Carlos Alcaraz Australian Open 2022 Djokovic

Carlos Alcaraz achieves impressive Slam feat quicker than Novak Djokovic, Roger Federer and Rafael Nadal

As the 31st seed at the 2022 Australian Open, Carlos Alcaraz is seeded at a Major tournament younger than Roger Federer, Rafael Nadal and Novak Djokovic first were in their careers. 

Spanish prospect Alcaraz is just 18 years and eight months old at this year’s Australian Open.

All three of 20-time Grand Slam champions Djokovic, Federer and Nadal were older than Alcaraz when they were first seeded at a Major.

Nadal was the youngest of the ‘Big Three’ when he was seeded fourth at the 2005 French Open when he was 18 years and 11 months old.

Next was world number one Djokovic who was 19 years and three months old when he was seeded 20th at the 2006 US Open.

Lastly, Federer was 19 years and 10 months old when he was seeded 15th at the Wimbledon in 2001.

Alcaraz’s precociousness means he is also the youngest player in 32 years to be seeded at a Major, since Michael Chang was seeded 11th at the 1990 US Open when he was 18 years and six months old.

Seven-time Slam champion Boris Becker was just 18 years and three days old when he was seeded fourth at the 1985 Australian Open, months after his famous maiden Wimbledon triumph as a 17-year-old.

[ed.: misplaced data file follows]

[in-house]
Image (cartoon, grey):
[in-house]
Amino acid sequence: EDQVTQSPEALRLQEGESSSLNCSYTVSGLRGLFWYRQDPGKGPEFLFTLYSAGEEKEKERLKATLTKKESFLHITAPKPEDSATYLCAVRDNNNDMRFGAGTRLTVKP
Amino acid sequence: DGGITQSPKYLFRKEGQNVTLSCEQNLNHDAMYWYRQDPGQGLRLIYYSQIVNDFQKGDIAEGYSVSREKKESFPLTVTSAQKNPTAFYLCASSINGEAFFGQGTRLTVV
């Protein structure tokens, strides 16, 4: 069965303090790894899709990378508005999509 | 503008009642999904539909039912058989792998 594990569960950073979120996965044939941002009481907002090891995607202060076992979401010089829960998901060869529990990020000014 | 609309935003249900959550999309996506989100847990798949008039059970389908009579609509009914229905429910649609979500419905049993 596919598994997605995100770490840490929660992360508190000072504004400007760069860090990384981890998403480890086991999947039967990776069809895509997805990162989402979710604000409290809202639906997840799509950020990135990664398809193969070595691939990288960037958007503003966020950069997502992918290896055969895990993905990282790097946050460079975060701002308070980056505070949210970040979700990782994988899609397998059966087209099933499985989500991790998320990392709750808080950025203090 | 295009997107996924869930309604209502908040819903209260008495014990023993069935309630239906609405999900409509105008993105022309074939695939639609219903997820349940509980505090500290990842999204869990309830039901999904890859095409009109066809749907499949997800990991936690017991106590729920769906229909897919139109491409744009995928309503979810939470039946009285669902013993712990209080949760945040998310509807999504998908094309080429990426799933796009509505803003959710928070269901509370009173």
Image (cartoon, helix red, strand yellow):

The future looks bright for Alcaraz as all Open Era players who have been younger than him when they played their first Grand Slam as a seeded player broke into the top 15 of the ATP Rankings at some point in their careers.

Alcaraz won last season’s Next Gen ATP Finals, losing just one set en route to an impressive title there.

As a result of his spectacular breakthrough season, Alcaraz was nominated for the Most Improved Player for the 2021 ATP Awards.

He rose a total of 109 ranking positions, from 141st to 32nd, over the course of the year, the highest climb by an ATP player in 2021.

When asked about being a seed, Alcaraz said: “Being seeded is always good.

“In the early rounds, you kind of avoid meeting the top players, that’s a small advantage that is always welcome. And I think I’ve earned the position.

“I like being established on tour, when players know you’re there and see you as a close rival.

“Last year was a great year for me, when I consolidated myself as one of the best on tour.

“I’m almost in the top 30, and it’s very good when other players are getting to know you, and that they have a bit more respect for you.”

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Tim Farthing, Tennishead Editorial Director & Owner, has been a huge tennis fan his whole life. He's a tennis journalist and entrepreneur as well as playing tennis to a national standard. He also helps manage his local club and volunteers for his local tennis organisation. He's a specialist in content about the administration of professional tennis and tennis coaching for all levels.